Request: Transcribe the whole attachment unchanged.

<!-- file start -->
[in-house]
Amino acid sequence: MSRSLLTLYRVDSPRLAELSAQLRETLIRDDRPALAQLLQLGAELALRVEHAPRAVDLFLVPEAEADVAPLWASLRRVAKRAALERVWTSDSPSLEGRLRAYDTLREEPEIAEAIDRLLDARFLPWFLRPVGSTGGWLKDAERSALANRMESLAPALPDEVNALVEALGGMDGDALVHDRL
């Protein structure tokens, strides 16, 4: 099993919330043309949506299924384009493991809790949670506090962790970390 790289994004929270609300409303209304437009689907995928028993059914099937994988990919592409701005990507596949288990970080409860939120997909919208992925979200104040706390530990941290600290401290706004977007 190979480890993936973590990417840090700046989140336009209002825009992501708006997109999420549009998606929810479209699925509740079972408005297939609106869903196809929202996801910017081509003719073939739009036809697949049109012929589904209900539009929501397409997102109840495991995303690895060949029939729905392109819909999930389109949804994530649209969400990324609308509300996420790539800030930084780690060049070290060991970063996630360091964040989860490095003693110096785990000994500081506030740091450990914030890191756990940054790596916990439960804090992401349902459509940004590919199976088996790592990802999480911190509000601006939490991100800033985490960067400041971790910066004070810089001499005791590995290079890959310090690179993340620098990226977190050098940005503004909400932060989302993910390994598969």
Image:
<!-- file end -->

[in-house]
Amino acid sequence: MSRSLLTLYRVDSPRLAELSAQLRETLIRDDRPALAQLLQLGAELALRVEHAPRAVDLFLVPEAEADVAPLWASLRRVAKRAALERVWTSDSPSLEGRLRAYDTLREEPEIAEAIDRLLDARFLPWFLRPVGSTGGWLKDAERSALANRMESLAPALPDEVNALVEALGGMDGDALVHDRL
């Protein structure tokens, strides 16, 4: 099993919330043309949506299924384009493991809790949670506090962790970390 790289994004929270609300409303209304437009689907995928028993059914099937994988990919592409701005990507596949288990970080409860939120997909919208992925979200104040706390530990941290600290401290706004977007 190979480890993936973590990417840090700046989140336009209002825009992501708006997109999420549009998606929810479209699925509740079972408005297939609106869903196809929202996801910017081509003719073939739009036809697949049109012929589904209900539009929501397409997102109840495991995303690895060949029939729905392109819909999930389109949804994530649209969400990324609308509300996420790539800030930084780690060049070290060991970063996630360091964040989860490095003693110096785990000994500081506030740091450990914030890191756990940054790596916990439960804090992401349902459509940004590919199976088996790592990802999480911190509000601006939490991100800033985490960067400041971790910066004070810089001499005791590995290079890959310090690179993340620098990226977190050098940005503004909400932060989302993910390994598969």
Image: